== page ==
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- Retired American basketball player
Dennis Rodman is known for many things: historically fantastic rebounding, ridiculous action movies in which Jean-Claude Van Damme fights a tiger, wedding dresses, etc. What he's not known for, though, is being anything close to family-friendly. He likes to shock people, and for the most part that does not include imparting valuable life lessons to the children of the world.
The Hall of Famer’s book, “Dennis The Wild Bull,” came out today, and fans will immediately recognize Rodman’s influence. The large red bull on the cover has flowing red hair, two nose rings, a tattoo and red stubble under his chin. [...]
“More than anything, I just want little kids today just to understand: Ain’t no matter what you do in life -- be different, rich or poor, man -- guess what? It’s OK to be who you are pretty much and you’ll be accepted,” Rodman said. [...]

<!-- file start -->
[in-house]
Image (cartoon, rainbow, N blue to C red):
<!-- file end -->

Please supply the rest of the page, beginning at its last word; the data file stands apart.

The author, whose previous works include titles such as “Bad as I Wanna Be” and “I Should Be Dead by Now,” chose a different audience this time. He said even now, he is recognized by children who never saw him play, and those are the ones he wanted to reach.
“For a guy like me to be very eccentric, to even go to extremes to write a children’s book with all the wild things I do and make it believable was pretty much incredible,” Rodman said.
Co-written with Dustin Warburton, the book tells the story of Dennis, a bull who is taken away from his family and forced to live with other bulls in a rodeo. Though he looks nothing like them, they come to accept him and they all become friends.
I think it's wise that Rodman chose a different audience and lesson for this book, because a children's book with a Rodman-esque title like "All Your Dreams Will Be Crushed" or "Let Me Show You My Piercings" probably wouldn't sell very well. Then again, maybe I don't understand the today's kids.
This venture is a big change from Rodman, who these days finds himself in the news for stories involving coaching a topless women's basketball team, a crazy birthday party held two months after his actual birthday, and failing to pay child support. You could be forgiven for thinking he's not the best role model for children, no matter his message.
The message, though, is pretty good, and we hope that kids all over the world learn the importance of being comfortable with themselves. Whether or not they need "Dennis the Wild Bull" for guidance is a separate issue.